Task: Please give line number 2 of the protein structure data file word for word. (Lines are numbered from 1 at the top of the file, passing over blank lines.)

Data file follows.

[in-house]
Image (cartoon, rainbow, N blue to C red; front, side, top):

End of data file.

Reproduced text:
Image (cartoon, rainbow, N blue to C red; front, side, top):